35. Seriously, Great talk.
    Less seriously, "Slightly larger handful'. Oh come on, nobody laughed!
    PS. I saw it, but if I am honest, only because I knew there was going to be something else.

  36. Out of a lot of talks floating on YT and in general on mind control and unconsciousness, where a lot of charlatans and bs artists just spew crap, this talk is very good and makes sense by showing things/experiments where you actually see the things and biases being presented, unlike in those hacks' presentations, where they either completely do not know what they are talking about or do not give enough motivation to pursue and follow the talk. The examples this guy gave were convincing for upping your motivation to listen to and think about what the talk is about. And he does not disappoint your expectations. So, well done.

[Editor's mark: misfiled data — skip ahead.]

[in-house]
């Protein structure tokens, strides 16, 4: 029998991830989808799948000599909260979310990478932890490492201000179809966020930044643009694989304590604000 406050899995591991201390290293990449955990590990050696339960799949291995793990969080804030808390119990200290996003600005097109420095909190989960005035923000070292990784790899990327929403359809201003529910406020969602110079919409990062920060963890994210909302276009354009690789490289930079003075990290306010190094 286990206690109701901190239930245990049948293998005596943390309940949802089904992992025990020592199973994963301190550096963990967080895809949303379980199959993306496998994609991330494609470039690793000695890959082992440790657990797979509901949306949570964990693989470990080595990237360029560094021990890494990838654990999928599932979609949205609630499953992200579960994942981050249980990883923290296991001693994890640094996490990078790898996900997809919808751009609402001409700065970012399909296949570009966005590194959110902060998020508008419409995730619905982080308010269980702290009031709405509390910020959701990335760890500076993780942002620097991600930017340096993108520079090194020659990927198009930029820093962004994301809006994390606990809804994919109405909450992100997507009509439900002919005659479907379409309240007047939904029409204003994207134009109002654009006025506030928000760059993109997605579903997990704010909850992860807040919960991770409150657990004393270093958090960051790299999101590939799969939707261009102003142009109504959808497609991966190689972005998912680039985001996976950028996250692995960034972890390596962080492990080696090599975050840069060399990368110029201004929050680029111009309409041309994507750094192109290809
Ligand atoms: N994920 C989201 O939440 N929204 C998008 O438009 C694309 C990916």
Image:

He actually made a good impression and gave a good info that I will actually bother to internalize.

  37. I saw the ladder and the face easily. Does sexuality play a part in determining what high interest image is? Because I'm not exactly interested in women.

  38. The camera work was terrible, as if the person behind it had a crush on the speaker. Lost interest a third of the way through due to frustration of not seeing the images.

  39. Remember kids: this guy is a physicist, not a psychologist. What he says is said with determination and confidence! No such thing would be found in a psychologist's, or better yet – a good methodologist's, repetoar. He is not credible, he is a physicist. He is milking his position. I hope that most of you agree. You wouldn't be accepting medical or law advices from a mathematician now, would you? 🙂